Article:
Section Three is concerned with demographics and the movement and composition of groups within the population. It is one of the smallest TCLO sections as it primarily piggybacks off of the national census and often finds itself in the position of completing minor clerical tasks on behalf of local officials, namely cross referencing and verifying population data.
Section Four TCLO officers are again one of those which are more directly involved in the surveys and the gathering of data which they are to compile and analyze, although their task is not as wide reaching as that of Section One. Indeed Section Four focuses on infrastructure and transportation across Zacapican, conducting inspections of roads, rails and other pieces of transportation and physical communication infrastructure. Besides recording the state of these, they also record their level of usage as well as the flow of people through the available means of transportation. For example, Section Four monitors the daily commute across the transportation networks of major cities which proves useful for the relevant municipal transportation authorities. There is some controversy attached to Section Four operations, as it is found that some local governments shirk their responsivities to inspect their local infrastructure because they know or presume that Section Four will simply conduct an equivalent or better degree of inspection on their own, which they can then access and use to pass off that particular area of their duty. In a similar vein to the utility of Section One, the disposition and status of various means of transportation and transit infrastructure across the country is also of use to the military and national security apparatus.
Section Five is the only body of the TCLO besides Section Seven which preforms a specific intelligence gathering task comparable to the services of other intelligence agencies found in foreign countries. Specifically, Section Five specializes in signals intelligence as it monitors and intercepts communications of various types. While Section Four is involved with the inspection of physical communications infrastructure like radio towers, telephone lines and fiber-optic cables, it is Section Five that inspects the intangible contents of those lines of communication. In this, Section Five is limited in its practical scope by stringent Zacapitec privacy laws, yet is often instrumental in preforming surveillance on individuals to whom these protections do not apply, namely suspected criminals or foreign agents. Sections Five and Seven both have needs for decryption and cryptanalysis, to which end they share usage and custodianship over the TCLO Cryptanalysis Office, which has been nicknamed "TCLO Section 5-7" although it is not a full TCLO Section in its own right.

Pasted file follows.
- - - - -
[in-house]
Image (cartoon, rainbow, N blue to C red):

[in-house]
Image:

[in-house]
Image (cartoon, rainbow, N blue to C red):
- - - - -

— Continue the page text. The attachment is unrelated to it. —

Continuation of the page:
Section Six is another relatively small division of the TCLO which is primarily concerned with the Zacapitec biosphere, essentially all that within Zacapican which is alive and non-human. It possesses a well developed panel of epidemiologists and biologists which it uses to monitor for animal diseases in populations of domesticated livestock such as mad cow disease, also working with Zacapitec health authorities in monitoring potential jumps of animal diseases to humans. TCLO Section Six is one of the worlds premier authorities on colony collapse disorder and assists the significant state and local level programs to preserve the population of domesticated bees in Zacapican.
Typically referred to by its nahuatl name Tlaxolochtli Chicome, Section Seven is the premier espionage wing of the Zacapitec civilian government and is one of the largest Sections of the TCLO by virtue of the extensive responsibilities levied on the organization. Relived of the responsibility of signals intelligence by TCLO Section Five, Section Seven is focused on human intelligence and espionage, although it also operates the necessary organs for other types of intelligence gathering such as measurement and signature intelligence. In general, Section Seven benefits immensely from the vast network of surveyors, inspectors and well places sources available to the other divisions of the TCLO as well as the wealth of information already compiled by these divisions, which Section Seven officers may analyze or refer to during the course of their investigations.